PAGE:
Carol Gilligan: Why Female Leadership Traits Are More Important Than Ever In Defining What's Next

This article was originally published on Forbes.

Six months into this pandemic, the future of business is still murky. Companies are struggling to find footing. Everyone wants answers. They’re looking for a leader to redefine and transform the workplace so that it can weather any storm. To put it plainly, we need leaders to focus less on their individual ideas regarding how to retain people and protect culture and focus more on cultivating an organization that has an esprit de corps that can’t be copied.

By definition, you would think that any “leader” could do that. They’d rise to the occasion and take over the wheel. But we all know that’s not what happens in the real world. Some individuals are emerging as true leaders while others are steering into the rocks. What is it that makes leadership effective, especially in times of crisis? Are there certain traits that recruiting teams should be prioritizing? Are there certain mindsets that we need to promote in order to best position our companies for what lies ahead?

To answer those questions and to better understand what we need from leaders today, we need to take a step back and think about how leadership and decision-making have been traditionally defined.

Types Of Leadership Traits

In 1958, American psychologist Lawrence Kohlberg published his theory of six stages of moral development, which says the best ethical decisions are made based on justice, rule and hierarchy. While Kohlberg’s research was highly influential at the time, it focused exclusively on how middle-aged white men made decisions. Ultimately, Kohlberg’s findings were challenged, including by his own Ph.D. student, Carol Gilligan.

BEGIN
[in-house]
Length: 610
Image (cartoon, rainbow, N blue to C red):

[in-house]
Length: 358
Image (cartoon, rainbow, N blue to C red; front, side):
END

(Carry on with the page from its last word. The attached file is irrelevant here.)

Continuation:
Gilligan went on to conduct her own research, this time utilizing a diverse set of participants. She found that women — or more specifically, individuals with strong female leadership traits — tend to be more relational in their decision-making. What I mean by that is that when they make decisions, they are not as concerned with justice, rule and hierarchy. Instead, they consider how their decisions will affect other people and how their decisions will manifest in the real world.

Gilligan showed that in the workplace, individuals using the traditional masculine approach make decisions that are linear and transactional for the benefit of those in the C-suite and the board room. Individuals using a more feminine approach make decisions differently: They think about the broader impacts of their decisions. They think about customers. They think about specific people in specific departments. They think about the company as a whole.

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